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Rich Dad, Poor Dad.

Personal-wealth books are a dime a dozen. Why would I want to read another? A friend gave me a copy of Rich Dad, Poor Dad. I held little hope that it would say anything eye-opening or original. But it was a gift; I appreciated the thoughtfulness and felt obliged to take a look and demonstrate that I did so. And you know--Mike Youngworth is a sharp man. He wouldn't give it to me if it did not offer something of value.

Sure enough. He did me a favor.

Mike and I are both in our early 40s with kids, cars, a house in the suburbs and a country club membership. We work our tails off and I'm certain he wonders, as I do, "How can I step off this train!?"

Rich Dad, Poor Dad is an easy read. It spoke to me as I guess it did to him.

It's a simple story--supposedly true--about Robert Kiyosaki, who has two fathers. One highly educated and with a good job but no accumulation of wealth and forever beholden to a boss. The other with little formal education but a commitment to build wealth and freedom. Kiyosaki listened to both, then decided to follow the advice of his rich dad, a street-smart entrepreneur. Kiyosaki, by following that advice, says he found substantial wealth that he continues to build. Through Rich Dad, Poor Dad, originally published in 2001, he tells his story and offers the lessons to all of us. The book has sold multiple millions, perpetually resides on the best-seller lists and garners a four-star rating on

What is the path of the Rich Dad? It's really what all of us in the rat race know we should do--spend less and more wisely

Here's my summary of the lessons:

1. The poor and middle class work for money The rich make money work for them. You should, too. It's a lot more fun and substantially easier to amass real wealth.

2. Don't focus on getting higher-paying jobs. Focus on learning about money, finance, and how to make money This is your foundation. Start by reading and trying. Start making little investments and learn from them. Go to lunch with people who are making money through investing. Listen and learn.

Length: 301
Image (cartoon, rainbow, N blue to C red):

3. Amassing "things" won't make you rich. Amassing things that make money will. Rich Dad seems to like real estate. Residential and commercial. Buying and holding; buying and selling.

4. When you make money, spend it on income-generating assets. Don't waste it on consumables or items that decrease in value and/or require cash. Contrary to conventional wisdom, Rich Dad says a house is not an asset--unless you rent it to someone at a profit. With you living in it, it does not generate income but rather considerable expenses in the form of taxes and maintenance. Resist the temptation to buy big homes and expensive cars unless you adhere to #5 below

5. When you want something that costs money, like a boat, resist the accepted means for acquiring it--borrowing money Challenge yourself to find a way to earn the money and pay cash. When Rich Dad wants a new Porsche, he challenges himself to earn the money through his creativity, innovation and initiative. By reading and learning through trial and error, he's gotten to where it's easy. He just searches around, typically for real estate, and finds a deal such as a residential property that can be bought cheap and rented for monthly cash flow

Thank you, Mike. This simple little book reinforces principles that I need to keep in mind and in practice. We all should. If not for the money, for the freedom and quality of life.

By Robert T. Kiyosaki, Published by Warner Business Books
COPYRIGHT 2006 D.L. Perkins, LLC
No portion of this article can be reproduced without the express written permission from the copyright holder.
Copyright 2006 Gale, Cengage Learning. All rights reserved.

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Title Annotation:personal finance
Author:Kiyosaki, Robert T.
Publication:The Business Owner
Article Type:Column
Geographic Code:1USA
Date:Sep 1, 2006
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